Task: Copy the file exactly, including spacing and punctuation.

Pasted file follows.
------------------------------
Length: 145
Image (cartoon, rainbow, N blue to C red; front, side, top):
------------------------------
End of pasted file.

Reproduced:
Length: 145
Image (cartoon, rainbow, N blue to C red; front, side, top):